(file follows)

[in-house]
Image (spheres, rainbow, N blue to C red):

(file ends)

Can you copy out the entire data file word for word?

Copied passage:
[in-house]
Image (spheres, rainbow, N blue to C red):